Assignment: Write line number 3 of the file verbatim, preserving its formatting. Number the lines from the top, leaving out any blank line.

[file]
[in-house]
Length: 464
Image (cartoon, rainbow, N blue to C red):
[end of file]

Image (cartoon, rainbow, N blue to C red):